Bevan v. Santa Fe County et al

Filing 254

MEMORANDUM OPINION AND ORDER by District Judge Kenneth J. Gonzales granting 155 Plaintiff's Motion to Exclude Cheryl Wills. Wills' Report (Doc. 110-1) is stricken from the docket sheet. (tah)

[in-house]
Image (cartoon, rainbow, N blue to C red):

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IN THE UNITED STATES DISTRICT COURT FOR THE DISTRICT OF NEW MEXICO AIMEE BEVAN, as Personal Representative of the Estate of Desiree Gonzales, deceased, Plaintiff, vs. Civ. No. 15-0073 KG/SCY GABRIEL VALENCIA, Youth Development Administrator, Individually, MATTHEW EDMUNDS, Corrections Officer, Individually, JOHN ORTEGA, Corrections Officer, Individually, MOLLY ARCHULETA, Corrections Nurse, Individually, ST. VINCENT HOSPITAL, and NATHAN PAUL UNKEFER, M.D., Defendants. MEMORANDUM OPINION AND ORDER This matter comes before the Court upon Plaintiff’s Motion to Exclude Cheryl Wills (Motion to Exclude), filed on April 1, 2016. (Doc. 155). Plaintiff seeks to exclude Cheryl Wills (Wills), a forensic adolescent psychiatrist, as an expert witness and to strike her “Psychiatric Expert Report” (Report) (Doc. 110-1). (Doc. 155) at 11. Defendant Nathan Paul Unkefer, M.D. (Unkefer) filed a response on April 15, 2016; Defendants Gabriel Valencia, Matthew Edmunds, John Ortega and Molly Archuleta (County Defendants) filed a response on April 29, 2016; and on May 5, 2016, Defendant St. Vincent Hospital (St. Vincent Hospital) joined in the responses filed by County Defendants and Unkefer. (Docs. 162, 170, and 175). County Defendants then filed a notice of errata on May 5, 2016, that included Wills’ Substitute Affidavit.1 (Doc. 173). Plaintiff filed a reply on May 17, 2016. (Doc. 180). On April 11, 2018, the Court held a telephonic preliminary hearing to determine whether to hold a Daubert hearing on the Motion to Exclude. (Docs. 238 and 239). As a result of that telephonic preliminary hearing, the Court ordered that (1) Plaintiff supplement the record to clarify the damages she is seeking, and (2) County Defendants supplement the record to include where and when Wills had previously testified as an expert. (Doc. 240). On April 17, 2018, Plaintiff filed a “Notice of Damages Sought for the Estate of Desiree Gonzales” in which Plaintiff specified the following damages: 1. The pain and suffering experienced by Desiree Gonzales between the time of injury and death; 2. The value of Desiree Gonzales’s life apart from her earning capacity, also known as hedonic damages;2 3. The mitigating or aggravating circumstances attending the wrongful act, neglect or default pursuant to the New Mexico Wrongful Death Act; 4. Punitive damages, pursuant to 42 U.S.C. § 1983; 5. Attorney fees; 6. Costs; and 7. Pre- and post-judgment interest. (Doc. 248) at 1. On that same day, County Defendants filed an “Affidavit of Cheryl D. Wills, M.D.” in which Wills attests to providing expert deposition and/or trial testimony in the area of forensic adolescent psychiatry in eight civil cases, beginning in July 2010. (Doc. 247) at 6. Having considered the Motion to Exclude, the accompanying briefing, the argument of counsel at the April 11, 2018, preliminary hearing, and the supplements filed by Plaintiff and 1 Wills’ original affidavit, submitted in support of County Defendants’ response, was unsigned. (Doc. 170-1). County Defendants obtained a signed affidavit, which they filed as a Substitute Affidavit. (Doc. 173) at 4-7. 2 “Hedonic damages” are defined as “[d]amages that attempt to compensate for the loss of the pleasure of being alive.” DAMAGES, Black’s Law Dictionary (10th ed. 2014). 2 County Defendants, the Court determines that a Daubert hearing on the Motion to Exclude is unnecessary and that the Motion to Exclude is granted. A. Background 1. Wills’ “Psychiatric Expert Report” Wills bases the Report on her review of Desiree Gonzales’ (Gonzales) psychological and medical records, her rehabilitation records, her school records, court-related records, state agency records, and expert reports. (Doc. 110-1) at 1-2. The Report contains a detailed “Case Summary” setting forth a developmental history for Gonzales, including descriptions of various family issues, Gonzales’ criminal conduct, and her substance use and abuse. Id. at 3-13. Wills then lays out her various opinions, which she made “with reasonable medical certainty.” Id. at 14. Wills opined, in essence, that (1) Gonzales’ mother physically and emotionally traumatized Gonzales; (2) abuse and neglect caused Gonzales’ behavior to deteriorate, including problems at school, criminal conduct, and addiction issues; (3) when Gonzales’ problems transitioned from parental neglect to “severe addiction and delinquency,” Gonzales’ “prognosis, educational potential, employment potential and life expectancy declined significantly;” (4) Gonzales’ biological father “did very little to improve his capacity to deal with [Gonzales’] behavior when it became disruptive;” (5) if Gonzales’ biological father had alerted law enforcement that Gonzales had contacted him, law enforcement could have detained Gonzales on an outstanding warrant before she could overdose on heroin for the last time on May 6, 2014; 3 (6) Gonzales’ biological father profited from Gonzales’ death by keeping for himself 37% of the funds raised for Gonzales’ funeral and a youth organization; and (7) had Gonzales lived, “her lifetime earnings potential would have been reduced because” of lack of education, likelihood of future incarceration, lack of responsibility, and addiction to heroin. Id. at 13-17. 2. Wills’ Substitute Affidavit Wills attests in her Substitute Affidavit that her opinions are “based on training, experience and knowledge that is generally accepted in the medical community.” (Doc. 173) at 5, ¶ 3. She further states that her “opinions are based on data ascertained in a line of inquiry that is referred to as a psychological autopsy.” Id. at ¶ 4. A psychological autopsy considers a decedent’s “[d]evelopmental history, medical history, educational history, legal history, family history, social history and any other relevant factors” to investigate “events that preceded his or her death.” Id. at ¶¶ 4-5. Neither the term “psychological autopsy” nor a description of a psychological autopsy appears in the Report. Wills further notes that she has “an extensive background in creating and reviewing psychological and medical records such as those listed in [her] report.” Id. at 6, ¶ 9. Because interpreting psychological and medical records “is likely outside the knowledge of most jurors,” Wills attests that her “comprehensive developmental history” of Gonzales would be “helpful to the jury….” Id. Wills also attests that her Report and testimony would help a jury understand how Gonzales “would have had a poor prognosis, had she lived.” Id. at ¶ 10. 4 B. Discussion Plaintiff seeks to exclude Wills as an expert witness and to strike her Report from the record for two reasons. First, Plaintiff contends that Wills’ testimony and Report do not meet the Fed. R. Evid. 702 Daubert standard. Second, Plaintiff argues that the Court should exclude Wills’ testimony and Report under Fed. R. Evid. 403 because they are more unfairly prejudicial than probative. Defendants oppose the Motion to Exclude in its entirety. Before addressing these substantive arguments, the Court must first decide if it will hold a Daubert hearing on the Motion to Exclude. 1. Whether to Hold a Daubert Hearing While courts commonly hold Daubert hearings to determine whether to admit expert testimony under Rule 702, such a hearing is not required. See United States v. Charley, 189 F.3d 1251, 1266 (10th Cir. 1999) (stating that district court has “great latitude” in “deciding whether to hold a formal hearing”). Having considered the Motion to Exclude, the briefing, the argument of counsel at the April 11, 2018, preliminary hearing, and the supplements submitted by Plaintiff and County Defendants, the Court concludes that it is unnecessary under the circumstances presented here to conduct a Daubert hearing on the Motion to Exclude. 2. Rule 702: Whether Wills’ Testimony and Report Meet Rule 702 Daubert Requirements Plaintiff argues first that the Court should exclude Wills’ testimony and Report under Rule 702 because (1) Wills failed to use a reliable methodology, and (2) her opinions will not be helpful to a jury. Rule 702 allows a qualified expert to testify as to an expert opinion if the expert’s “testimony is the product of reliable principles and methods,” “the expert has reliably applied the principles and methods to the facts of the case,” and the expert’s “knowledge will 5 help the trier of fact to understand the evidence or to determine a fact in issue….” Rule 702 (a) and (c). The parties do not dispute that Wills is a qualified forensic adolescent psychiatrist. a. Reliability of Methodology (1) Methodology Described in the Report Plaintiff argues first that the Report does not contain any methodology, let alone a reliable methodology. To determine whether an expert’s testimony is reliable, the “court must ‘assess the reasoning and methodology underlying the expert’s opinion ....’” United States v. Rodriguez-Felix, 450 F.3d 1117, 1123 (10th Cir. 2006) (citation omitted). Typically, to consider whether a scientific opinion satisfies the reliability requirement under Daubert and Rule 702, the Court considers the following nonexclusive factors: (1) whether the theory at issue can be and has been tested; (2) whether the theory has been subjected to peer review and publication; (3) whether there is a known or potential rate of error and whether there are standards controlling the methodology's operation; and (4) whether the theory has been accepted in the relevant scientific community. Id. However, in the area of soft science, indicia of reliability can include “professional experience, education, training, and observations” rather than “research, theories and opinions….” United States v. Simmons, 470 F.3d 1115, 1123 (5th Cir. 2006). Even so, “[t]he expert must explain the methodologies and principles supporting the opinion.” Minix v. Canarecci, 597 F.3d 824, 835 (7th Cir. 2010). As a District Judge in Kansas explained, Expert opinions may be based on education, training and experience, combined with reliance on reports, depositions or other information related to the particular circumstances, but an expert must explain factually why and how he reached his conclusions. Hilt v. SFC Inc., 170 F.R.D. 182, 185 (D.Kan.1997). The proponent of expert testimony must show “a grounding in the methods and procedures of science which must be based on actual knowledge and not subjective belief or unaccepted speculation.” Mitchell, 165 F.3d at 780. Mehus v. Emporia State Univ., 222 F.R.D. 455, 461 (D. Kan. 2004). 6 In this case, Wills has demonstrated that she has experience, education, and training as a forensic adolescent psychiatrist. See (Doc. 110-11) at 3-15; (Doc. 247) at 1-2. Her “methodology,” as revealed in the Report, consisted of first reviewing court-related documents, mental health and rehabilitation records, state agency records, school records, expert reports, and medical reports. Wills then used the information in those documents to compile a chronological developmental history for Gonzales. Finally, Wills laid out her opinions, which she supported with characterizations of the various relationships and events in Gonzales’ life. Nowhere in her Report does Wills explain her methodology or its reliability, or how her expertise led to her opinions. Nonetheless, Defendants cite cases wherein an evaluation of medical records constitutes a reliable methodology. See In re Paoli R.R. Yard PCB Litig., 35 F.3d 717, 762 (3d Cir. 1994) (stating “evaluation of the patient’s medical records, like performance of a physical examination, is a reliable method of concluding that a patient is ill even in the absence of a physical examination”); Richard v. Hinshaw, 2013 WL 6632122, at *1 (D. Kan.) (finding psychiatrists’ review of “medical and other records” was “straightforward” methodology since “they used their essentially unchallenged training and experience to evaluate the facts taken from documents and deposition testimony”); P.S. ex rel. Nelson v. The Farm, Inc., 658 F.Supp. 2d 1281, (D. Kan. 2009) (ruling that forensic psychiatrist who provided report based on review of treatment records could give expert testimony). A review of medical records and even other records may well constitute a reliable methodology if the expert explains in the report how that methodology is reliable. That is not the case here. Instead, Wills attempts to remedy this deficiency in her Report by submitting the Substitute Affidavit. Plaintiff, however, argues that 7 the Court should disregard the Substitute Affidavit because it is both untimely and presents a methodology that does not apply to the facts of this case. (2) Methodology Described in the Substitute Affidavit (a) Timeliness of the Substitute Affidavit Plaintiff observes that County Defendants filed the Substitute Affidavit after the expert reports deadline of October 2, 2015, expired. See (Doc. 66). Plaintiff contends that the Substitute Affidavit and its explanation of Wills’ “methodology at this stage of the litigation renders her [Substitute] Affidavit inadmissible.” (Doc. 180) at 5. Plaintiff specifically argues that the Substitute Affidavit is in reality an untimely expert report that attempts to cure the Report’s deficiencies, i.e., the Report’s failure to describe and explain a methodology. Plaintiff cites In re Cent. European Indus. Dev. Co. to support her argument. 427 B.R. 149 (Bankr. N.D. Cal. 2009). The court in In re Cent. European Indus. Dev. Co. addressed the question of whether a declaration which tries to cure deficiencies in an initial expert report should be treated as a Fed. R. Civ. P. 26(e)(1) supplement to an initial report or as a subsequent untimely expert report. Id. (observing that if declaration is expert report then “filing an undisclosed expert report long after the deadline is an improper attempt to circumvent the expert discovery schedule established by this court”). The court explained, If the Declaration is viewed as a “supplement” setting forth information, reasoning and opinions in order to cure that part of her Report's deficiencies, Rule 26 required such things to be disclosed in her critical initial Report. “The purpose of ... supplementary disclosures is just that—... to supplement. These disclosures are not intended to provide an extension of the deadline by which a party must deliver the lion's share of its expert information.” Id. 8 As another court explained, supplementation under Rule 26(e)(1) “is intended to provide parties an opportunity to correct mistakes and oversights, not to include new examples and illustrations that could have been included in an original expert report.” Eugene Baratto, Textures, LLC v. Brushstrokes Fine Art, Inc., 701 F. Supp. 2d 1068, 1071 (W.D. Wis. 2010). A District Judge in Kansas stated, A supplemental expert report may be excluded under Rule 37(c) [failure to disclose expert and provide expert report] if it … seeks to strengthen an opinion expressed in the original report. Rule 26(e) may not be used to provide an extension of the expert report deadline or sandbag one’s opponent with issues that should have [been] included in the original report. Spirit Aerosystems, Inc. v. SPS Techs., LLC, 2013 WL 6196314, at *7 (D. Kan.). Having reviewed the Substitute Affidavit, the Court determines that it goes beyond correcting a mistake or oversight, or merely supplements the Report. Instead, the Substitute Affidavit sets forth Wills’ methodology and reasoning in an effort to strengthen the Report and cure any deficiencies in the Report. Wills could have stated in the original Report that she was conducting a psychological autopsy and how a psychological autopsy is appropriate in this case. Had that information been included in the Report, Plaintiff could have deposed Wills about the applicability of a psychological autopsy to the facts here. In that respect, the Substitute Affidavit unfairly prejudiced Plaintiff’s ability to challenge Wills’ purported methodology. For these reasons, the Court will disregard the Substitute Affidavit as an untimely expert report. (b) Psychological Autopsy Assuming that the Substitute Affidavit is a timely supplementation of the Report, Plaintiff, nonetheless, takes issue with Wills’ use of a “psychological autopsy” in this case. Plaintiff correctly notes that the cases cited by County Defendants to argue that medical and 9 legal communities accept a psychological autopsy as a valid methodology relating to suicides, which is not the situation here. For instance, the court in Shipley v. Forest Labs., Inc. noted, “This methodology involves a post-mortem risk assessment in which the expert examines the decedent's medical records and the other relevant evidence to ‘rule in’ and then ‘rule out’ various factors that may have contributed to the suicide.” 2015 WL 4199739, at *6 (D. Utah) (emphasis added). Also, in Estates of Tobin ex rel. Tobin v. Smithkline Beecham Pharm, the court observed that “[a] psychological autopsy is a process by which the last days and hours of an individual’s life are psychologically analyzed and reconstructed by interviewing persons who interacted with the decedent shortly before his or her death.” 2001 WL 36102161, at *8 (D. Wyo.). The court further observed “that a psychological autopsy is accepted in the fields of psychiatry and suicidology, and is the ‘most scientifically rigorous’ means to determine factors which contributed to a person’s completed suicide.” Id. (emphasis added). A psychological autopsy is not applicable to the facts in this case, therefore the Court does not accept that particular methodology as reliable under the circumstances presented here. (3) Conclusion Regarding Reliability Although Wills is a qualified forensic adolescent psychiatrist, she fails to explain in her Report the methodology she used or how her expertise as a forensic adolescent psychiatrist makes her opinions reliable. Moreover, Wills’ later attempt to provide that explanation in her Substitute Affidavit fails because that affidavit is actually an untimely expert report and the Substitute Affidavit describes a methodology that does not apply to the facts in this case. The Court, therefore, concludes that Wills’ testimony and Report fail to meet the reliability 10 requirement under Rule 702 and Daubert, and, for that reason, the Motion to Exclude should be granted. b. Helpfulness to the Trier of Fact Assuming arguendo that Wills’ testimony and Report meet the reliability requirement under Rule 702, Wills’ testimony and Report must also meet the Rule 702 requirement that the testimony “help the trier of fact to understand the evidence or to determine a fact in issue….” Rule 702(a). In fact, “[t]he ‘touchstone’ of admissibility of expert testimony is its helpfulness to the trier of fact.” Wilson v. Muckala, 303 F.3d 1207, 1219 (10th Cir. 2002). Defendants argue that Wills’ testimony will help the jury understand Plaintiff’s damages, a contributory negligence defense, and a comparative fault defense. Defendants also argue that Wills’ testimony is necessary for impeachment purposes. (1) Whether Wills’ Testimony Will Help the Jury Understand Plaintiff’s Damages Plaintiff argues that Wills’ economic-based opinions are not relevant to the noneconomic damages Plaintiff seeks. Plaintiff further argues that Wills’ testimony concerning Gonzales’ medical and mental health records is not helpful to a jury on the issue of damages because a jury could, without expert testimony, determine from the evidence “that [Gonzales] and her parents had troubled lives.” (Doc. 155) at 7. Defendants assert that Wills’ testimony regarding Gonzales’ medical and mental health records is relevant to the issue of noneconomic damages and that Wills’ testimony will assist a jury by interpreting those technical records. Indeed, the relevance of an expert’s testimony is a factor a court considers in evaluating whether that expert testimony will assist the trier of fact. Rodriguez-Felix, 450 F.3d at 1123 (outlining non-exclusive factors for deciding if expert testimony will assist trier of fact including “whether the testimony is relevant...”). The Court agrees with Plaintiff that Wills’ testimony 11 regarding Gonzales’ poor economic prospects is not relevant to Plaintiff’s noneconomic damages consisting of pain and suffering, the value of Gonzales’ life apart from her earning capacity (hedonic damages), and “mitigating or aggravating circumstances attending the wrongful act, neglect or default pursuant to the New Mexico Wrongful Death Act.” See (Doc. 248) at 1. County Defendants, on the other hand, assert that Gonzales’ medical and mental health background, as summarized and described by Wills, is relevant to noneconomic damages like loss of enjoyment of life, i.e., hedonic damages. In point of fact, this Court has held that a deceased’s medical history, including mental health history, as well as past substance and domestic abuse, are relevant to loss of enjoyment of life and value of life damages. BNSF Ry. Co. v. Lafarge Sw., Inc., 2009 WL 9144601, at *1–5 (D.N.M.). Additionally, expert testimony on those subjects assists the jury in understanding the deceased’s health, habits, and life expectancy, which “provide[s] the jury a fuller understanding of [the deceased’s] life.” Id. at *5. See also Bemben v. Hunt, 1995 WL 27223, at *3 (N.D. Ill.) (finding in 42 U.S.C. § 1983 case that “[e]vidence of Plaintiff’s mental and physical condition before, during and after the incident is relevant to the issue of causation of damages.”). Accordingly, Gonzales’ medical and mental health background is relevant to the noneconomic damages Plaintiff seeks in this case. Even if expert evidence is relevant to a case, the Tenth Circuit has stated that “[w]hen the normal experiences and qualifications of laymen jurors are sufficient for them to draw a proper conclusion from given facts and circumstances, an expert witness is not necessary and is improper.” Wilson, 303 F.3d at 1219 (quoting Frase v. Henry, 444 F.2d 1228, 1231 (10th Cir.1971)). Moreover, expert testimony that is needlessly cumulative of lay witness testimony does not assist the trier of fact and a court, thus, may exclude that testimony for that reason. See Schwartz v. Caravan Trucking, L.L.C., 2011 WL 703925, at *3 (E.D.N.Y. Feb. 17, 2011) (where 12 expert testimony is “needlessly cumulative of lay witness testimony, the testimony would not assist the trier of fact and may be excluded”) (citing Wills v. Amerada Hess Corp., 379 F.3d 32, 46 (2d Cir. 2004)); Wellman v. Norfolk & W. Ry. Co., 98 F. Supp. 2d 919, 925 (S.D. Ohio 2000) (“witness may not give expert opinions which simply verify issues of fact about which lay witnesses will testify[.]”). Here, a jury could properly determine from its own experiences and qualifications, and from the facts and circumstances presented in lay testimony and lay evidence, what life experiences, both positive and negative, Gonzales experienced prior to her death. Accordingly, Wills’ testimony regarding medical and mental health records will be cumulative of that lay testimony and lay evidence. Therefore, Wills’ testimony will not assist the jury in understanding evidence relevant to hedonic damages or in determining a factual issue concerning hedonic damages. Defendant Unkefer, however, cites United States v. Hadley for the proposition that a child psychiatrist assists the trier of fact by testifying “about general behavior characteristics that may be exhibited in children who have been sexually abused….” 918 F.2d 848, 852 (9th Cir. 1990). In that case, the child psychiatrist’s “testimony helped to explain the testimony of the abused children” where the issue of the children’s credibility commonly arises. Id. at 852-53. Unkefer further cites Bailey v. Pacheco in which the court found that expert testimony on the “behavior of abused and neglected children” would assist the trier of fact. Magistrate Judge’s Proposed Findings and Recommended Disposition (Doc. 308) at 5, Civ. No. 96-959 LH/DJS (D.N.M. 1999). The expert in Bailey was expected to testify about the appropriateness of foster parent care of a child with “extensive physical and psychological ailments….” Id. at 2-3. The 13 Court finds these two cases factually distinct from this one and, therefore, of little or no persuasive value to the case at hand. Finally, Wills’ testimony associated with the actions by Gonzales’ biological father just prior and after Gonzales’ death are not relevant to any damages Gonzales suffered at the hands of Defendants. In addition, the opinions based on the actions of Gonzales’ biological father do not rely on the interpretation of any specialized information. Wills’ testimony as to those actions will not assist the jury in any way. (2) Whether Wills’ Testimony Will Help the Jury Understand a Contributory Negligence Defense County Defendants further argue that Gonzales’ developmental history is relevant to the issue of contributory negligence by Gonzales. (Doc. 170) at 15 (“These background facts directly relate to her contributory negligence and her activities on the day in question….”). Contributory negligence is not an available defense in the Section 1983 context. See, e.g., Hays v. Jefferson Cty., Ky., 668 F.2d 869, 875 (6th Cir. 1982) (In discussing Section 1983 action, Sixth Circuit stated, “Contributory negligence has never been a defense to intentional tortious conduct.”); Creamer v. Rooks Cty., Kan., 2013 WL 5406429, at *2 (D. Kan.) (noting that claim of contributory negligence is inappropriate in Section 1983 context because “[n]egligence … does not suffice to support a § 1983 claim”). Also, “[i]n New Mexico, the common law doctrines of contributory negligence and joint and several liability have been replaced with a system of pure comparative negligence and, with respect to concurrent tortfeasors, several liability.” Lewis ex rel. Lewis v. Samson, 2001-NMSC-035, ¶ 32, 131 N.M. 317. Gonzales’ developmental history, therefore, is not relevant to any contributory negligence defense and will not assist the jury in that respect. 14 (3) Whether Wills’ Testimony Will Help the Jury Understand a Comparative Fault Defense Plaintiff argues that any attempt to use Wills’ testimony to make a comparative fault determination based upon the conduct of Gonzales’ parents and Gonzales herself, is unfounded. To begin with, it is well-established that comparative fault does not apply in the Section 1983 context. Quezada v. Cty. of Bernalillo, 944 F.2d 710, 721 (10th Cir. 1991). Thus, comparative fault would not apply with respect to the Section 1983 claims against County Defendants. Nonetheless, County Defendants contend that they, St. Vincent’s Hospital, and Unkefer “have all raised comparative negligence defenses that are still in play” with respect to the state negligence claims against Unkefer and St. Vincent Hospital. (Doc. 170) at 15. In that context, County Defendants assert that Wills’ testimony is relevant to any comparative negligence as between Defendants, Gonzales, and her parents. County Defendants, however, do not cite any legal authority to support this assertion. Plaintiff, on the other hand, contends that any comparative negligence should apply between Defendants, and not include Gonzales or her parents. With respect to including Gonzales in a comparative fault analysis, cases show that “[p]re-treatment fault of the patient that caused the injury or condition treated by the physician, is logically irrelevant. The physician undertakes to treat the plaintiff as she is.” Dan B. Dobbs, Paul T. Hayden and Ellen M. Bublick, The Law of Torts § 314 (2d ed.). The Tenth Circuit also acknowledged the “basic” tenet that a professional holding himself out to serve clients or patients is liable for his negligent performance of duties undertaken and may not be relieved of such liability by his clients’ or patients’ actions in causing or getting involved in the very conditions which the professional was employed and undertook to treat or remedy. Otherwise the professional would not be held responsible for performing the very duties he assumed. 15 Steiner Corp. v. Johnson & Higgins of California, 135 F.3d 684, 688 (10th Cir.), as amended on denial of reh'g (10th Cir. 1998). The Tenth Circuit further acknowledged that this tenet applies to physicians. Id. n. 2 (citing Jensen v. Archbishop Bergan Mercy Hospital, 236 Neb. 1, 459 N.W.2d 178 (1990); Cheek v. Domingo, 628 F.Supp. 149, 151–52 (D.Vi.1986); Ostrowski v. Azzara, 111 N.J. 429, 545 A.2d 148, 155–56 (1988); and Sendejar v. Alice Physicians & Surgeons Hospital, 555 S.W.2d 879, 885 (Tex.Civ.App.1977, writ ref'd n.r.e.)). Consequently, any testimony by Wills regarding Gonzales’ fault in causing her drug overdose is not relevant to a comparative negligence analysis and, thus, of no assistance to a jury in that regard. Regarding Gonzales’ parents, County Defendants seem to suggest that the parents are original or initial tortfeasors, i.e., that their negligent actions (as described by Wills) caused Gonzales to overdose, while Defendants are alleged successive tortfeasors whose actions purportedly enhanced the original injury, the overdose. “In an enhanced injury case, a jury does not compare the negligence of the tortfeasors for the enhanced injury, but the plaintiff must still prove that the physician’s negligence proximately caused an enhancement of the initial harm suffered at the hands of the original tortfeasor.” Lewis ex rel. Lewis v. Samson, 2001-NMSC035, ¶ 35, 131 N.M. 317. “[A] physician accused of subsequent medical negligence may rebut the plaintiff’s evidence of causation through evidence of the initial tortfeasor’s responsibility for the entire harm.” Id. at ¶ 37. Accordingly, Wills’ description of the actions of Gonzales’ parents is not relevant to a comparative negligence analysis, but Wills’ description of those actions is relevant to the causation issue. Even so, as the Court noted above, a jury, relying on its experiences and qualifications, does not need the assistance of an expert, like Wills, to consider lay testimony and lay evidence regarding Gonzales’ life experiences, including the actions of her parents. Such expert testimony will only be cumulative of that lay testimony and lay evidence. 16 Hence, Wills’ testimony will not help the jury to understand a comparative fault defense or causation issues. (4) Whether Wills’ Testimony is Necessary for Impeachment Purposes County Defendants also contend that Wills’ testimony is necessary for possible impeachment purposes. Specifically, County Defendants assert that “Wills’ testimony may also be offered for purposes of impeachment to the extent the plaintiff attempts to introduce testimony contrary to the facts and conditions reflected in Ms. Gonzales’s various developmental records.” (Doc. 170) at 3. Plaintiff argues, on the other hand, that “third-hand knowledge cannot be used to impeach witnesses….” (Doc. 180) at 7 n.2. “[A] ‘third party’s characterization’ of a witness’s statement does not constitute a prior statement of that witness unless the witness has subscribed to that characterization.” United States v. Almonte, 956 F.2d 27, 29 (2d Cir. 1992) (citation omitted). Moreover, Fed. R. Evid. 613 (prior inconsistent statements) does not apply to evidence of inconsistent conduct. Advisory Committee Note, Rule 613. Rule 613 only applies to prior inconsistent “statements.” Considering these limitations on a third-party’s ability to present prior inconsistent statements or conduct, and the availability of developmental records relied on by Wills, Wills’ testimony is not necessary for the potential impeachment purposes County Defendants describe. (5) Conclusion Regarding Helpfulness to the Jury Wills’ opinions on economic damages are not relevant to the noneconomic damages Plaintiff seeks nor are the opinions relevant to any contributory negligence or comparative fault defenses. While Wills’ testimony may be relevant to Plaintiff’s noneconomic damages and to causation, Wills’ testimony, nonetheless, will not be helpful to the jury. A jury can rely on its own experiences and qualifications as well as lay testimony and lay evidence to understand how 17 Gonzales’ life events, including her parents’ actions, relate to damages and causation. Additionally, Defendants have not convinced the Court that Wills’ testimony provides the sole evidence available for potential impeachment purposes. Since “[t]he ‘touchstone’ of admissibility of expert testimony is its helpfulness to the trier of fact,” the lack of helpfulness here mandates that the Court grant the Motion to Exclude under Rule 702. Wilson, 303 F.3d at 1219. 3. Rule 403: Whether Wills’ Testimony Would be More Unfairly Prejudicial than Probative Plaintiff further argues that the Court should exclude Wills’ testimony and Report under Rule 403. Rule 403 allows a court to “exclude evidence if its probative value is substantially outweighed by a danger of … unfair prejudice….” The Tenth Circuit has described “Unfair prejudice,” as used in Rule 403, in various ways. The Tenth Circuit stated in Phillips v. Hillcrest Medical Center that ordinary prejudice alone is insufficient to exclude relevant evidence. The prejudice must be unfair, such that we may conclude the jurors made their decision based not upon the evidence presented but upon their confusion, passion, or emotion. 244 F.3d 790, 800 (10th Cir. 2001). Additionally, “a trial court should consider ‘[t]he availability of other means of proof’ as an appropriate factor reaching a conclusion whether to exclude evidence based on unfair prejudice.” Stump v. Gates, 211 F.3d 527, 538 (10th Cir. 2000). Other considerations include that the excluded evidence was highly probative, the “evidence was very limited in the context of the whole trial, and introduction of the evidence was followed by the trial court’s limiting instruction to the jury.” United States v. Record, 873 F.2d 1363, 1375–76 (10th Cir. 1989). Moreover, exclusion of evidence under Rule 403 “is an extraordinary remedy and should be used sparingly.” United States v. Smalls, 605 F.3d 765, 787 (10th Cir. 2010). In fact, “[i]n 18 performing the 403 balancing, the court should ‘give the evidence its maximum reasonable probative force and its minimum reasonable prejudicial value.’” Deters v. Equifax Credit Info. Servs., Inc., 202 F.3d 1262, 1274 (10th Cir. 2000) (citation omitted). Having reviewed Wills’ Report, the Court determines that although Rule 403 is an extraordinary remedy, and a limiting jury instruction could be given, Wills’ testimony, to the extent it is probative, is unfairly prejudicial. Her testimony about Gonzales’ very troubled upbringing, which includes much more than mere drug use, could easily influence a jury’s decision on the basis of passion or emotion. The Court has no doubt that admissible, probative evidence is available to provide the jury with an overall sense of Gonzales’ life. Additionally, considering the extensive developmental history described in the Report, Wills’ testimony would probably not be “very limited in the context of the whole trial….” Record, 873 F.2d at 1375. For all of these reasons, the Court also concludes that Wills’ testimony and Report should be excluded under Rule 403 as being more unfairly prejudicial than probative. IT IS ORDERED that 1. Plaintiff’s Motion to Exclude Cheryl Wills (Doc. 155) is granted; 2. Wills is not allowed to testify as an expert at the trial in this matter; and 3. Wills’ Report (Doc. 110-1) is stricken from the docket sheet. ________________________________ UNITED STATES DISTRICT JUDGE 19